John Williams is one of the most respected and successful composers for
cinema of all time, with an incredible 49 Oscar nominations to date, among
them five wins. Born in Long Island, New York in 1932, John Towner
Williams was exposed to music early by his father who was a jazz drummer
and percussionist for CBS radio and the Raymond Scott Quintet. In 1952
he was drafted into the US air Force where he spent the next two years
conducting and arranging music for Air Force bands. He subsequently
studied piano at Julliard in New York, playing in jazz clubs to pay his way.
After moving to Los Angeles, he started playing the piano for film studios;
here, his long and fruitful relationship with the cinema began.
After receiving his first Oscar for adapting the music for Fiddler On the
Roof (1971), he met Steven Spielberg in 1974, their relationship producing
some of the most memorable film music of all time – Jaws (the ominous
two-note motif still striking terror into swimmers everywhere); ET: the
extra terrestrial; Schindler’s List; Close Encounters of the Third Kind; and
the Indiana Jones films.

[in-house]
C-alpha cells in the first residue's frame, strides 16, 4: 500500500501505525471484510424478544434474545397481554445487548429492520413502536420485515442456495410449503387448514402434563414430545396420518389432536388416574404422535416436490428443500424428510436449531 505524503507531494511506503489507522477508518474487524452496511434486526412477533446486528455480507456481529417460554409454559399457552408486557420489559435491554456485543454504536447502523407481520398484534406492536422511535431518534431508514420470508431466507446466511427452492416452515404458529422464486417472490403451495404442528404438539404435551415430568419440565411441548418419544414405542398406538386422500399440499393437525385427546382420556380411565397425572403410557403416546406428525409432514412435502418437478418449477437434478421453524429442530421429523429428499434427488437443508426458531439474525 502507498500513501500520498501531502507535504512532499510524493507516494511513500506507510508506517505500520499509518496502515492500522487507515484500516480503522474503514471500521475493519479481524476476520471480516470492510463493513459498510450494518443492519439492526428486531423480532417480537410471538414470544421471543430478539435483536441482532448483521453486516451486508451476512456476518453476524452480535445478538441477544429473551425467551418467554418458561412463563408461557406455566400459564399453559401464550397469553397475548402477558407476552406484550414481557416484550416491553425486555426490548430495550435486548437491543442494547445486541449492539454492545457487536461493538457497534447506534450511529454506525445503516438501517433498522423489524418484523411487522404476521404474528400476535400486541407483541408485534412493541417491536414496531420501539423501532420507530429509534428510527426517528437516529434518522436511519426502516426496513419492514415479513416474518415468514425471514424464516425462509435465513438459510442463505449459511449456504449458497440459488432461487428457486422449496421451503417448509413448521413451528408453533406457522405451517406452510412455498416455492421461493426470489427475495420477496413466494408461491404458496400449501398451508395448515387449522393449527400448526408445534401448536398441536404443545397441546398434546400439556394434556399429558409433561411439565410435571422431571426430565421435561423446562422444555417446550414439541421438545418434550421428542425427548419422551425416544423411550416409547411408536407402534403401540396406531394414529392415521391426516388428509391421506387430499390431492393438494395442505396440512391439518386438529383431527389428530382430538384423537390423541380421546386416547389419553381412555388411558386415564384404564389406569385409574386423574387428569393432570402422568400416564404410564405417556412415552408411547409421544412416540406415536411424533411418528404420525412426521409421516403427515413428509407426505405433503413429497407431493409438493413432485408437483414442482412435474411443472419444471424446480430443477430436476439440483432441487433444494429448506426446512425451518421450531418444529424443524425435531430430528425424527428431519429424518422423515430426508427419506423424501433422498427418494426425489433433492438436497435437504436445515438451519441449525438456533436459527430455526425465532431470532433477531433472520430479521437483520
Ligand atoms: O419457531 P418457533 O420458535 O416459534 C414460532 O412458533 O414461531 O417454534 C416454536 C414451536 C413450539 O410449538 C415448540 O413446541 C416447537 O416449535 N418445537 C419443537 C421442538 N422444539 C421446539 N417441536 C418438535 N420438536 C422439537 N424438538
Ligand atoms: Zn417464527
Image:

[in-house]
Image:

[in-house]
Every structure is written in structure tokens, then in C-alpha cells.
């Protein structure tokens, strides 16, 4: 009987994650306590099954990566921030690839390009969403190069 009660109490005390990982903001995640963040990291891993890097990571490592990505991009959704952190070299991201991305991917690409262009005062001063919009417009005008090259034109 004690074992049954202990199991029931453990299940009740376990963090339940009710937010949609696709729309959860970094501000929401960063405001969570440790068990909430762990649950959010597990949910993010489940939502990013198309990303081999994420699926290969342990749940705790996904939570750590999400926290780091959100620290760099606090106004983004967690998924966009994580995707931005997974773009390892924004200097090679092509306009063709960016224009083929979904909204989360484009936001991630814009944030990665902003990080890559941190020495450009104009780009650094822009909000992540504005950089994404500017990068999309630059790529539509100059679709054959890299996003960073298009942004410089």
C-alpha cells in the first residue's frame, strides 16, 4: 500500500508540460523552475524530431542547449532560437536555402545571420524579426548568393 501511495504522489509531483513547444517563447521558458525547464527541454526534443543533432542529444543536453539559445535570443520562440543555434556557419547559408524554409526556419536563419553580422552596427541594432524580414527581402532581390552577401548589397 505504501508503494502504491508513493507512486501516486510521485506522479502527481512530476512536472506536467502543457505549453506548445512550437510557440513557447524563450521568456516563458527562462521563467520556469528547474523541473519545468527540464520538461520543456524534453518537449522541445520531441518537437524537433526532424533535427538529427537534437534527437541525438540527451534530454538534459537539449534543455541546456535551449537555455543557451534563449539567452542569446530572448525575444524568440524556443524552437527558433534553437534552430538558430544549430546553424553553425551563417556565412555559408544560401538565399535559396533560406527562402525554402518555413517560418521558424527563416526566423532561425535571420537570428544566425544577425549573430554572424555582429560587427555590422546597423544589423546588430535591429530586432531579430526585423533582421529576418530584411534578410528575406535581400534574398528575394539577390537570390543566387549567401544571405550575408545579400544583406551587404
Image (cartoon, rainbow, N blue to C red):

Having been introduced by Spielberg to George Lucas, he composed the
music for Star Wars: a New Hope in 1977. The score – played by the
London Symphony Orchestra with whom Williams had a long association –
earned him an academy award and went on to become the bestselling
score-only film soundtrack of all time. In it, he revived the concept of
leitmotif, most famously associated with Wagner and Richard Strauss –
using a phrase that immediately signifies a character or place and the
emotions and ideas associated with it. He went on to write the music for the
next six Star Wars films, including Star Wars episode VII, due out later this
year. He recently said: ‘the galaxy far, far away… I actually feel like I’m
still in it. that I never really left it.
The Main Title theme, Luke’s Theme, appears in all the films. It is associated
with Luke Skywalker, and represents good and hope. Princess Leia’s theme
is linked to her, the strong heroine of the first film, representing as well the
broader themes of love and romance. The Imperial March appeared for the
first time in The Empire Strikes Back and, with its obvious references to
Holst’s Mars, powerfully conjures up the war with the evil empire in
general, and Darth Vader, the embodiment of the dark side, in particular.
Yoda’s Theme, with its gentle, flowing melody, denotes the wise teachings
of the diminutive Jedi master. The Throne Room is the triumphant finale,
where good overcomes evil.